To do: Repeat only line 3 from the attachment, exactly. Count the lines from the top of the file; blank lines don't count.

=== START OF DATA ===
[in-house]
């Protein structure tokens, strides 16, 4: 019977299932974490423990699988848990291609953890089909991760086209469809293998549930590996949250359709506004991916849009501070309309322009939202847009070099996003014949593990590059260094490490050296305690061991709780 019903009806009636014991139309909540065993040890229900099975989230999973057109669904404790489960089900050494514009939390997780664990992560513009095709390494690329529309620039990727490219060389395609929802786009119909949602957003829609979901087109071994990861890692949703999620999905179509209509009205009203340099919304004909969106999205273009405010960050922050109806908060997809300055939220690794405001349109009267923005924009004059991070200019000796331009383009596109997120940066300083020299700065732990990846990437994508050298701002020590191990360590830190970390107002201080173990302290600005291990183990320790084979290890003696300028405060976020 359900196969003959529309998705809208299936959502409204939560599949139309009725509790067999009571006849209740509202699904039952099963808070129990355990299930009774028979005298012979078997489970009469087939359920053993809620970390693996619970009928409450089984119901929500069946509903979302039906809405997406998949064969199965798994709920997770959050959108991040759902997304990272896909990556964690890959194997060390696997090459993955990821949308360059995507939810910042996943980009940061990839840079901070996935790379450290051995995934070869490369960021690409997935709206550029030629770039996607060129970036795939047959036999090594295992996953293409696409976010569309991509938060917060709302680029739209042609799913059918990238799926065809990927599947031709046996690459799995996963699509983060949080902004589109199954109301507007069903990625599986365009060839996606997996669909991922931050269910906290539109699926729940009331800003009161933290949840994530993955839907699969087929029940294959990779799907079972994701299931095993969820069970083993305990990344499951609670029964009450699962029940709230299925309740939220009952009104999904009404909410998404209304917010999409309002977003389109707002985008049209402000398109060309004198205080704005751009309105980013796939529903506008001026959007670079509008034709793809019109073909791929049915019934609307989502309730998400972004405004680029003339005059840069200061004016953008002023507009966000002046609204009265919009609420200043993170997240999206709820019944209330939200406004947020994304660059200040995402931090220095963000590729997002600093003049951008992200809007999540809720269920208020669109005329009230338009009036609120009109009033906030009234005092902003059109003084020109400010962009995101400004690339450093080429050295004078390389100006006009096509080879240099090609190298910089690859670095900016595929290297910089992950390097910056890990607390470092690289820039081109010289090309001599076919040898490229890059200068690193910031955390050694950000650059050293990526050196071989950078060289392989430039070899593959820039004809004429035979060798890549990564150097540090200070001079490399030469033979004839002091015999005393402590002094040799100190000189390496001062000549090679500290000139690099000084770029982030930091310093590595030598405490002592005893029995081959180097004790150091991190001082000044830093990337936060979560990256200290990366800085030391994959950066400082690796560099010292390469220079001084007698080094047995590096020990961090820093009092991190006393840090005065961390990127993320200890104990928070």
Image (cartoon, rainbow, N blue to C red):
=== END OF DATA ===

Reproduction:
Image (cartoon, rainbow, N blue to C red):